Verizon planned to have 50 employees, mostly engineers, in a command centre near Las Vegas, Nevada in preparation for the National Football League’s Super Bowl LVIII at Allegiant Stadium on 11 February, which marks the final measure of a two-year effort to prep for the game.
For security reasons, the operator does not disclose the location of its command centre in Las Vegas, but it is in a suburb of the city.
David Nelson, senior director of operations for Verizon, told Mobile World Live staff at the centre would include employees from across the US and members from his team who are typically in the field.
Allegiant Stadium holds up to 65,000 fans but Nelson said the centre would monitor network usage across the concourse areas of the stadium, the parking areas, nearby special event locations and when fans use their phones to make payments.
“We’ve created dashboards and other tools so we can monitor what’s going on in the system in very close to real time,” Nelson explained. “We can look at the traffic. We can look at performance and we can look at all those KPIs to make real time adjustments to make sure that we give the customers the best experience possible.”
By pulling in the top network engineers from around the nation, Nelson said he can go over and talk directly to a person if there is a network issue or an indication a problem is about to occur.
“We’re not only looking for outages, but we’re also looking for traffic patterns and congestion on the network,” he noted. “We’ve built a rich spectrum portfolio so we’re able to shift the traffic around not only within a cell site to different frequencies or different spectrum, but we’re also able to ship traffic from one cell to another cell site to optimise the customer experience.”
The command centre has a bridge to the same type of facility in Phoenix, Arizona, which was near the location of the Super Bowl event in 2023.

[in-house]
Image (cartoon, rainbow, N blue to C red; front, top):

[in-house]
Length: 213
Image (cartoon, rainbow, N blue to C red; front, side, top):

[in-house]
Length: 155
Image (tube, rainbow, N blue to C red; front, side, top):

In the event of a manmade or natural disaster, Nelson said the engineers at the Phoenix site have the ability to take over the entire operation “without missing a heartbeat”.
Nelson’s team prepared for the Super Bowl by conducting dry runs during Las Vegas Raiders’ NFL home games at Allegiant Stadium, as well as during college football games and other events.
“We also took the lessons learned from Phoenix, and rolled them into Las Vegas,” Nelson said. “We’ve drilled and practiced through all those dry runs so that we can have a good Super Bowl.”
Verizon was granted early access to its C-Band spectrum in 2023, which means there is even more bandwidth and higher data speeds available in Las Vegas than Phoenix.
All told, the operator has deployed approximately 250 5G mmWave radios covering the stadium’s seating areas, back of house, suites, lounges, press box, concourse areas and entryways.
Over the past three years, Verizon nearly tripled its network capacity across Las Vegas and laid 547 miles of fibre across the city.
Verizon is not the only game in town, as rivals AT&T and T-Mobile US also provide 5G services in Las Vegas while cable operator Cox Communications provisions Wi-Fi inside of the stadium.